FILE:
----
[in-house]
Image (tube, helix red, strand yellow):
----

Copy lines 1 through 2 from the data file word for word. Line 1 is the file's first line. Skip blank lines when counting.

[in-house]
Image (tube, helix red, strand yellow):